The Schecter Omen comes in a few different versions, but the basic model is pretty darn good. It’s a solid guitar that sounds and plays a whole lot better than you’d expect for the price.

This is not only my favorite budget guitar for metal, but one of my favorite all-around inexpensive guitars. In fact, I have one in my collection and couldn't be happier with it! You can read my full review here.

The Omen feature a basswood body with an elegant arch top, a maple neck and a 24-fret rosewood fingerboard. The pickups are Schecter’s Diamond Plus and the bridge is a Tune-o-matic with string-thru body.

Also consider: If you are into metal, think about the Schecter Omen 7, a super-affordable 7-string built in the Omen mold.

The Schecter Omen 6
The Schecter Omen 6

Epiphone G-400 PRO

Epiphone’s G-400 electric guitars are affordable versions of Gibson’s SG design. Like the Epi Les Paul, it gives you the chance to own a rock classic for a price that will still allow you to buy groceries for the next few months.

The Gibson SG actually started out as a re-imagining of the Les Paul design, but today it has a life of its own. The design is simpler than that of a Les Paul, but the SG still commands serious tone.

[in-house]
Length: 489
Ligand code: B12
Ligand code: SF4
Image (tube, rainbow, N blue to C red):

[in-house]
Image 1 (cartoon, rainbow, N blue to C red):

The G-400 has a mahogany body and set neck with a rosewood fingerboard. The pickups are Epiphones Alnico Classic PRO humbuckers, and the electronics are a volume and tone control for each pickup with a 3-way switch. There is also the push-pull coil tap design, a nice feature for a guitar in this price range.

So why would you choose the SG over the Les Paul? When comparing Gibsons there is a definite difference in sound, but when we’re talking about the Epiphone Les Paul Standard vs the Epiphone G-400 really it comes down to style. To me, the Les Paul is more elegant, where the SG has more attitude.

Check Out the Epiphone G-400 PRO

Squier by Fender Classic Vibe ‘50s Telecaster

Before the Stratocaster, there was the Telecaster. Well, technically it was called the Broadcaster back then. The simple design that Leo Fender imagined over 60 years ago has changed little over the years, and the Telecaster is still one of top guitars in the world.

In this case we’re looking at the Squier Classic Vibe ‘50s Telecaster. Squier is Fender’s budget brand, and they build Fender-style instruments for beginners and those of us who are watching our pennies.

The Classic Vibe ‘50s Strat aims to recapture the essence of those early Fenders.

It has a pine body with a maple neck and fingerboard, a pair of Custom Vintage-Style Single-Coil Telecaster pickups, and even a vintage-style 3-saddle bridge.